Category: Carnival of Space

Carnival of Space #201

Wel­come to the 201st gath­er­ing of best space news on the web; some­thing we call the Car­ni­val of Space. If you’re new, please take a look at past Car­ni­vals. If you like what you see and want to par­tic­i­pate by con­tribut­ing or host­ing, let us know.

Par­tial Lunar eclipse as seen from Ade­laide at 21:30 pm, 26 June 2010. 4″ New­ton­ian Reflec­tor, 20 mm Plossl eye­piece and Canon IXUS 100 IS (400 ASA, 1/15 exposure)

June has been a spec­tac­u­lar month for astron­omy and space. Most of the world, except for North Amer­ica, will wit­ness the best total lunar eclipse since 2007. Vega 0.0 guides begin­ners (in Span­ish) in view­ing this astro­nom­i­cal event on the 15th. Unless you’re in Aus­tralia, in which case the eclipse occurs on the 16th. Astroblog­ger Ian Mus­grave also gives tim­ings and observ­ing tips. While Urban Astronomer is gaz­ing at the Moon this month, he may be using lunar occul­ta­tion to turn the Moon into a tele­scope. You can too. Astroswanny live blogs a tran­sit on KOI 256b. Did you know there were as many as 8 of the Kepler objects of inter­est tran­sit­ing every hour!!!

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Carnival of Space #180

Wel­come, wel­come to the Web’s 180th spec­tac­u­lar Car­ni­val of Space. You say you don’t know what this car­ni­val is all about? Hosted by our illus­tri­ous ring-leader, Fraser Cain, you can head over to the Car­ni­val home­page for the full details and archive.

Artist's impression of the red dwarf star CHRX 73 A and its companion object CHRX 73 B. The companion object is around 12 Jupiter masses, and may either be a planet or a brown dwarf. (Image credit: NASA, ESA and G. Bacon (STScI))

Artist’s impres­sion of the red dwarf star CHRX 73 A and its com­pan­ion object CHRX 73 B. (Image credit: NASA, ESA and G. Bacon (STScI))

My God it’s full of stars! Three times more stars by astronomers’ count accord­ing to Brian Wang at Next Big Future. A bet­ter count of red dwarf stars finds 20 times more in ellip­ti­cal galax­ies. That boosts the esti­mates for the num­ber of stars in the uni­verse to 300 sex­til­lion. Astronotes calls red dwarfs the most impor­tant stars in the universe.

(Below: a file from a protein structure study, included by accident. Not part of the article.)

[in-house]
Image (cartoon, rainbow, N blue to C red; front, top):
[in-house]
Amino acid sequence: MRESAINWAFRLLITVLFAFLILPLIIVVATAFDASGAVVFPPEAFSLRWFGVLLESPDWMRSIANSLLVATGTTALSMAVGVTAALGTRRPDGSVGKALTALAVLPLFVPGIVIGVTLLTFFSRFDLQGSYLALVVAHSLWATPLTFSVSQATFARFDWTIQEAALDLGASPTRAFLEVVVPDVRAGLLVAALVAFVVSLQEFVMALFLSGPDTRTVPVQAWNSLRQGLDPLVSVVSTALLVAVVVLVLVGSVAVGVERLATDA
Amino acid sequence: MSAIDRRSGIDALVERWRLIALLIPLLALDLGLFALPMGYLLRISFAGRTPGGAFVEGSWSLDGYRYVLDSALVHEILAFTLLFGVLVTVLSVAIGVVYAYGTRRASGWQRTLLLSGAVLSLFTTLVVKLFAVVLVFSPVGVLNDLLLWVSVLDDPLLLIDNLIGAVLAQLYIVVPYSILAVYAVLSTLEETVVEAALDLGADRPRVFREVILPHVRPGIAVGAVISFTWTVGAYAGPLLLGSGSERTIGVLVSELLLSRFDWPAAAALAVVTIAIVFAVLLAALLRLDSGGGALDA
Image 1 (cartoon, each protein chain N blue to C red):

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Carnival of Space #171

Wel­come to the 171st install­ment of spacey enjoy­ment; some­thing we like to call the Car­ni­val of Space. Pull back the tent flap and come on in. Theres more good­ness on the inside.

Oileán Ruaidh – most beautiful Barsoomian meteorite yet

Oileán Ruaidh

You know its always hard to know where to start when there is so much inter­est­ing news. Theres been a lot of talk about mete­orites on Earth and near-Earth objects this week. But you may not have heard of Oileán Ruaidh. The Road to Endeav­our calls it the most beau­ti­ful Bar­soo­mian mete­orite ever.

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Carnival of Space #149

Step right up; no need to crowd. Be one of the first to revel in all the strange and won­drous sights the uni­verse has to offer. For you, my friends, are about to expe­ri­ence the best astro news gath­ered from Earth’s inter­net, with a com­plete archive here.

If this is your first time at Star­ryCrit­ters, wel­come! Stick around for awhile and explore the uni­verse. Share with us what you see in the night sky. If you host a sci­ence or astronomy-related blog, you can take the big hat by host­ing the Car­ni­val of Space. Just write to our gra­cious host Fraser Cain of Uni­ver­se­To­day at info [at] uni­ver­se­to­day [dot] com. It’s a great way to par­tic­i­pate in a grow­ing com­mu­nity, and reach a wider audi­ence with your writing.

Now, right this way into the Car­ni­val of Space #149.

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Carnival of Space #142

Every­one should wan­der over to the Car­ni­val of Space #142 this week. Starry Crit­ters dives into the new Hub­ble, Spitzer, and GALEX image of inter­act­ing galax­ies that make up Hick­son Com­pact Group 31.

Welcome

The ancient peo­ples saw pic­tures in the sky. From those pat­terns in the heav­ens, ancient sto­ry­tellers cre­ated leg­ends about heroes, maid­ens, drag­ons, bears, cen­taurs, dogs and myth­i­cal crea­tures…
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